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A brand new true crime docu-series has come to Netflix, and just a couple of days have been enough for some viewers to binge Night Stalker: The Hunt for a Serial Killer. While binge-watching is a popular way to consume Netflix content (and avoid spoilers), it turns out that some viewers have discovered a downside of watching the four episodes of Night Stalker in quick succession. The serial killer series is keeping people up at night.
And that's not altogether surprising! Night Stalker: The Hunt for a Serial Killer follows the hunt for Richard Ramirez, a serial killer who was active in California in the mid-1980s, committing some horrendous crimes. Although the case itself is famous enough that the major beats might be pretty well-known, Night Stalker delves into the details of the case in some harrowing ways that are evidently enough to prevent viewers from getting a good night's sleep.
Some of those viewers took to social media to share their experiences with Night Stalker: The Hunt for a Serial Killer... or, more precisely, their experiences with trying to get back to business as usual after watching Night Stalker. Take a look at some standout reactions:
Richard Ramirez may not be at large to go on a new murder spree starting outside the bedroom of everybody who checked out this new docu-series, but I for one can't blame anybody whose imaginations run wild at night after watching something called "Night Stalker" that tells a true story! This series includes no shortage first-person interviews, archival footage, and original photography, making it much more chilling than anything scripted.
For the sake of this person's kids, I hope that his sons didn't wake up every time he charged into their rooms! At least it's safe to say that the Night Stalker was not, in fact, trying to get them. That said, Netflix revealed in the series description that the goal of the show was to paint a portrait of how it felt to live in fear when anybody could be the next victim, so I think the streamer accomplished what it set out to do with Night Stalker!
I'm going to go ahead and assume that most people don't have a secret weapon panel in the headboard of their bed, so hopefully even those who are the most on edge after watching Night Stalker don't actually feel compelled to arm themselves. Still, I think this gif is a pretty great illustration of what viewers are reporting as feeling after watching the four episodes. Another person went for what might be the perfect still image:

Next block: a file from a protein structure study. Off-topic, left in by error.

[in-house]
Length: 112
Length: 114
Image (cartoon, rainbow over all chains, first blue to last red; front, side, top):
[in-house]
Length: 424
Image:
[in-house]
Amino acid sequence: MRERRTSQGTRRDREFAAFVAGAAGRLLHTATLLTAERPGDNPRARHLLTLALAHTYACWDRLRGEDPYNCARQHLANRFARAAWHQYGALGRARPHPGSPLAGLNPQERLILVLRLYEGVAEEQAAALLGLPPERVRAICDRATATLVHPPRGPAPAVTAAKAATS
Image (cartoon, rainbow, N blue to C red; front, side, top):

Well, maybe it'll be easier to hide a brutal post-Night Stalker hangover via Zoom meeting than it would have been in person! Honestly, maybe the aftermath of Night Stalker would have been easier on viewers if the docu-series had released on a Friday, like most Netflix series do. Instead, Night Stalker premiered all four episode on Wednesday, January 13, which may have meant two more workdays of the week to deal with despite newfound fears of the Night Stalker!
Apparently, the Night Stalker doesn't have to be the only one moving around a house to put the fear of a serial killer in viewers. At least a Roomba is pretty much the least scary alternative to a serial killer, if you ask me! At the end of the day, Night Stalker seems to have shaken up a lot of people when they're either alone or the only one awake, which is perhaps best illustrated with this:
In case you haven't checked out Night Stalker just yet and haven't been deterred by all the viewers who haven't been able to sleep since watching the story of Richard Ramirez unfold on screen, you can find all four episodes streaming on Netflix now. If you have already watched and are in the mood for more true crime, there are 11 more unbelievable true crime series worth streaming on Netflix. And hey, if you've had enough of serial killers after Night Stalker, there are always lighter options. How about some baking? Nobody dies on baking shows!
For more of what's on the way in the not-too-distant future, be sure to check out our 2021 winter and spring premiere schedule.